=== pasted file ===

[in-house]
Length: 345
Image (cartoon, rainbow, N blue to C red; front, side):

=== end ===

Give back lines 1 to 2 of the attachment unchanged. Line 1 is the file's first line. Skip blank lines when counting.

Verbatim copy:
[in-house]
Length: 345